While the manifesto does not specifically mention the sentence of the jailed leaders, it promises to ''update the crime of sedition'' in order to ''protect Spaniards from coup d'états in the 21st century.'' 

Vox: banning pro-independence parties

Far-right party Vox in Catalonia, who became a part of Spanish Congress for the first time in the April 28 election with one seat, take the most hardline stance with the Catalan situation. 

Proposing to invoke Article 155 just as right-wing counterparts do, the party also includes measures to declare a ''state of emergency in Catalonia,'' and will suspend Catalan autonomy until ''a non-palliative defeat of the coup and the clearance of civil and criminal responsibilities.''

They also wish to outlaw parties, associations, and NGOs that fight for the independence of Catalonia.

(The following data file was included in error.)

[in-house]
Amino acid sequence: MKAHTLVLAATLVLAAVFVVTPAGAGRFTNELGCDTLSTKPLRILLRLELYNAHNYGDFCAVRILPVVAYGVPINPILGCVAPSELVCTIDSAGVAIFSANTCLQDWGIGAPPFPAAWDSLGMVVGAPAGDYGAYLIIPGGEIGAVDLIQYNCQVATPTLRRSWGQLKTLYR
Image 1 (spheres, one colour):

Vox favors a ''unitary'' state model with a single government and parliament, considering the autonomic system to be ''bankrupt,'' and has given more power to modern sovereignist tendencies. They propose to fight ''language policies or barriers of any kind.''

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  • A polling station in Catalonia during the April 28, 2019 Spanish general election (by ACN)

  • A polling station in Catalonia during the April 28, 2019 Spanish general election (by ACN)